All kids get anxious at one time or another. Maybe they’ve got a presentation at school, or a big performance of the Nativity coming up this Christmas. Knowing how to help your kid best is crucial to alleviating this stress – both for your child and for you!
The world they are growing up in is miles different from just the generation before. Sometimes it seems like there are a million new things for children to be anxious about these days. Often, it’s easy to feel lost in how to help. But, in truth, though the problems might be changing, the way to help has really stayed the same.
What To Do When Your Kids Get Anxious
Whether you have a child anxious about a dentist visit, or a child anxious about social media impacts on friendships, try out these tips from a visiting author.
Talk them through the scary bits.
Anxiety stems from a fear of the unknown. Explaining what your child is about to go through can help them see that a situation isn’t as scary as they think. Taking the classic fear of the dentist as an example, talking your child through the reasons why a dentist trip is important can help.
Explain why the dentist doesn’t need to be scary – practices like Mint Dental of Franklin work specifically to help patients with anxieties, as many dentists will if you mention your kid is a bit scared.
Make it clear to your child they don’t need to be scared. With your confidence, they are likely to feel reassured.
Often a feeling of anxiety will come from being unprepared. Once you’ve discussed all the parts that scare your child and demystified them, it can be a good exercise to practice. If your child is worried about a talent show performance, get them to perform it for you. It can be a little exhausting to sit through thirty renditions of Whitney Houston’s ‘I Will Always Love You,’ but if that’s what they need to feel prepared, it’s worth it.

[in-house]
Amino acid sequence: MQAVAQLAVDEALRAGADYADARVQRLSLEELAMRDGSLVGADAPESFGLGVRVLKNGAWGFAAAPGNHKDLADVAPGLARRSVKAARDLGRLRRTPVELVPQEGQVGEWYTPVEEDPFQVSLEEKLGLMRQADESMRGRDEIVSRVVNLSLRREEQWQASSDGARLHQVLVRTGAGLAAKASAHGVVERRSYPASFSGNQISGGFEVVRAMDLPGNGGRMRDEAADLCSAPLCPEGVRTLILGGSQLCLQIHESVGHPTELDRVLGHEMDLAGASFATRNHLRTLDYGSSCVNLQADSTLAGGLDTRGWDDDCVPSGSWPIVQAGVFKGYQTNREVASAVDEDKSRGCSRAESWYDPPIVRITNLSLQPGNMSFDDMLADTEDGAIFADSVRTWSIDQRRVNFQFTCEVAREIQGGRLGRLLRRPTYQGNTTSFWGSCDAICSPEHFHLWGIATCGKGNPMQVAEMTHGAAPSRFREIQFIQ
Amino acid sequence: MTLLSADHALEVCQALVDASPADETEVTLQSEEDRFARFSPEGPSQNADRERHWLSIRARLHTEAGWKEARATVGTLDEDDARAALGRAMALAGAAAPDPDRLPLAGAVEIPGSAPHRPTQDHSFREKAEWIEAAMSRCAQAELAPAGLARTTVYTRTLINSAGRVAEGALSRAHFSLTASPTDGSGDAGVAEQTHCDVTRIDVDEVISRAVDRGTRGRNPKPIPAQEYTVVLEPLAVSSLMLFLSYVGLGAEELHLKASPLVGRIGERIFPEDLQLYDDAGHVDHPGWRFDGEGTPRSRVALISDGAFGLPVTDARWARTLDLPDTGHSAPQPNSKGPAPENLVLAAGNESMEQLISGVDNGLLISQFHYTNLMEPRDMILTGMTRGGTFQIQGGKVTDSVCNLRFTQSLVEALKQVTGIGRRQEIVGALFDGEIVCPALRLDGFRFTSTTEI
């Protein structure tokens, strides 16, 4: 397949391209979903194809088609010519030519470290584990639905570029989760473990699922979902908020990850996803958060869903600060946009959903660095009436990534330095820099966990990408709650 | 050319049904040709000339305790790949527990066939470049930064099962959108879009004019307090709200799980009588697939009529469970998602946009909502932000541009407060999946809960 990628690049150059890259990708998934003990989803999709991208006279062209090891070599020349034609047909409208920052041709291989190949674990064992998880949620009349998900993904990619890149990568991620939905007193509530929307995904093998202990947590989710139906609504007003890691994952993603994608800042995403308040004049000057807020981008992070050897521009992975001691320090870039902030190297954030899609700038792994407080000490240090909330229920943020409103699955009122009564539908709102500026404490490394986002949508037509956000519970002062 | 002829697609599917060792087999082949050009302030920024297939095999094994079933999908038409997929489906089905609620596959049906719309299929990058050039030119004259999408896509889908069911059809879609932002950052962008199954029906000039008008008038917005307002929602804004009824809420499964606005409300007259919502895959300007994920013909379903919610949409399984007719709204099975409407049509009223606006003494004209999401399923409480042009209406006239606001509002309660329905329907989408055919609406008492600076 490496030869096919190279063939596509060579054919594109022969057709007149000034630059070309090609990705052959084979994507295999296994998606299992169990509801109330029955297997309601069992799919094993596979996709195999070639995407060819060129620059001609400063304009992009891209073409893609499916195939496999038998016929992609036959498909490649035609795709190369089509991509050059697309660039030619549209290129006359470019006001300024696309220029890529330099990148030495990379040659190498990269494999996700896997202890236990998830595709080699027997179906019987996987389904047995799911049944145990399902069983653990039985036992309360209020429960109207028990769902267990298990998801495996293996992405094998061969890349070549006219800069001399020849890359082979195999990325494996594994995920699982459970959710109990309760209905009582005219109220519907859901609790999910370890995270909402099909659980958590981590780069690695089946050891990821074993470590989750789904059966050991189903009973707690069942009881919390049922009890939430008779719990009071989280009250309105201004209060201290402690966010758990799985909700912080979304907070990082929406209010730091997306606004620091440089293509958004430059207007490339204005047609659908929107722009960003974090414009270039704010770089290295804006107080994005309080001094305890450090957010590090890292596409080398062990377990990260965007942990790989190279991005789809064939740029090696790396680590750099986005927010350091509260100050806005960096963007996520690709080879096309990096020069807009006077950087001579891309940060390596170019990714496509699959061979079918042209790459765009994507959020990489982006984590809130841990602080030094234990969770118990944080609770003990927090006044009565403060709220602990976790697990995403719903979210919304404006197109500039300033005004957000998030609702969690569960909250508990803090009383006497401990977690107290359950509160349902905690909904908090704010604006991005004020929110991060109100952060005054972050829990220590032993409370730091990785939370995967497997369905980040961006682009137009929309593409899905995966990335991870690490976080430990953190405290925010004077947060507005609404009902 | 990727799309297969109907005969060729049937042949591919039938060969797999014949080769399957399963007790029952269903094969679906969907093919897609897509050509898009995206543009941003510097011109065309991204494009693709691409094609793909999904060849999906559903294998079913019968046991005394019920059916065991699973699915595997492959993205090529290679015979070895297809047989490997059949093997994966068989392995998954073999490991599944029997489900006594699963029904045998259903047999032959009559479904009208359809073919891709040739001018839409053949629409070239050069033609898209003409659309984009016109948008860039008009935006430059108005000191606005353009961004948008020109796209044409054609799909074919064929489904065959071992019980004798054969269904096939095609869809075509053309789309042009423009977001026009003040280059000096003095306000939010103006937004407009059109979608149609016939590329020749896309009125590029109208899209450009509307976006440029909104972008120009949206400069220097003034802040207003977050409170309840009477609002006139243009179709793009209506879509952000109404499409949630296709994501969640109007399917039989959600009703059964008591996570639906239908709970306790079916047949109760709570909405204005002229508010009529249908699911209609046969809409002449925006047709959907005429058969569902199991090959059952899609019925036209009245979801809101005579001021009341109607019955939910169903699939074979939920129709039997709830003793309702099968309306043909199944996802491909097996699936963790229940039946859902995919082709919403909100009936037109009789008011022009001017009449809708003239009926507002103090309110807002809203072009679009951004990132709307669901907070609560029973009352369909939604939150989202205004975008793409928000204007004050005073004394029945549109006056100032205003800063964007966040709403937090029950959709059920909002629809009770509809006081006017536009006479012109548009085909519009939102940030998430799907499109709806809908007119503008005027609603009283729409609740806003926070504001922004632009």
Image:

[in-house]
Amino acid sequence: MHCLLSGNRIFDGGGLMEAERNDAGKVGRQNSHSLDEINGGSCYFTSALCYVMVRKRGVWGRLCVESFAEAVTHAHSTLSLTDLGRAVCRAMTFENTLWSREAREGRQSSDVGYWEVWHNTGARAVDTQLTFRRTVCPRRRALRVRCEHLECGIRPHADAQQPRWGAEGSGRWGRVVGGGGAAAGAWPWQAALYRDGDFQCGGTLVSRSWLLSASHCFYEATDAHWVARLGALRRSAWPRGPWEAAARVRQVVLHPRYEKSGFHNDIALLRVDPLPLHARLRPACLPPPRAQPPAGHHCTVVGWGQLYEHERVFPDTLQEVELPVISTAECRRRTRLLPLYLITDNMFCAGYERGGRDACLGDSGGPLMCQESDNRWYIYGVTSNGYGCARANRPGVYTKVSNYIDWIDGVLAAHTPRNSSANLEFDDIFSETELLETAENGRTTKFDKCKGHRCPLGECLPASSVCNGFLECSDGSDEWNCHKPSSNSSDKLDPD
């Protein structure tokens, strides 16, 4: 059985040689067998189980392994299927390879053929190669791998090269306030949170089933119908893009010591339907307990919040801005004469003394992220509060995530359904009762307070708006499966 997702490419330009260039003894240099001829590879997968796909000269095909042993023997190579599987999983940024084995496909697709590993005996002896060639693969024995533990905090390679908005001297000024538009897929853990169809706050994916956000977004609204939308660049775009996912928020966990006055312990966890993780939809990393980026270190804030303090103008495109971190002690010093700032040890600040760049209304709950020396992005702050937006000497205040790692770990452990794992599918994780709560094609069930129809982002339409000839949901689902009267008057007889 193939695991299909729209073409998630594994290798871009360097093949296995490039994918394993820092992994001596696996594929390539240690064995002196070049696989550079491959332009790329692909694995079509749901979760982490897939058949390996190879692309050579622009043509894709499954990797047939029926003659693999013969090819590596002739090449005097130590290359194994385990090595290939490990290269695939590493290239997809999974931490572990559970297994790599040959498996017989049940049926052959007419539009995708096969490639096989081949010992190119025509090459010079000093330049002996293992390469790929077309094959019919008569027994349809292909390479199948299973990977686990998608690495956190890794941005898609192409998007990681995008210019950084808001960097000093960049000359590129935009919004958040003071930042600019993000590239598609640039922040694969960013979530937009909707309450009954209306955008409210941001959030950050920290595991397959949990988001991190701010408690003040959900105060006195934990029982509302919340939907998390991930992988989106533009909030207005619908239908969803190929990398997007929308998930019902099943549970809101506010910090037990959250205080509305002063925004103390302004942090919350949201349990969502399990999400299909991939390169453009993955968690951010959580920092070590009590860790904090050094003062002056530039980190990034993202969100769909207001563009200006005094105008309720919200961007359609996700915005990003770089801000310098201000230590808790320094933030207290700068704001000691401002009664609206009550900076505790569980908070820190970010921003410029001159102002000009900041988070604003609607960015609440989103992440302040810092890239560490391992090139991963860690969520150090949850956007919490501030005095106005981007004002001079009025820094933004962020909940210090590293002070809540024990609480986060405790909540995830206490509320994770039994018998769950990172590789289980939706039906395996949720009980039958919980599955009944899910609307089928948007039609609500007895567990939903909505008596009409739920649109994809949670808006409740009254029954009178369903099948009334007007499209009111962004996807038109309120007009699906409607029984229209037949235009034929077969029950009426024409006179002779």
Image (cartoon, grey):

This can be applied to a lot of situations – roleplaying a bus journey can help with public transport worries, or pretending to be a maths teacher your child has gotten on the wrong side can help to compose a helpful conversation.
Don’t lie; we’ve all resorted to bribery as parents. Sometimes the only thing you can do when your child feels worried about doing something is to bribe them to do it. This can be straight-up bribery – a trip to the zoo, a burger on the way home – or the, perhaps healthier option, of building a reward system. By implementing a system where your child can win points every time they conquer their fear, you can spend less money on rewards and create better behaviour in the future.
If children associate beating their fears with positives, they are more likely to be brave in future scenarios.
Every child is different, and each deals with stress differently. The most important thing is to listen to your child’s worries. If your child is overly anxious, it is important to see a doctor for proper help, but when it comes to trying to drag your child out the door for a dentist appointment, these tips should work some magic. It’s always good to have some ideas for what to do when your kids get anxious!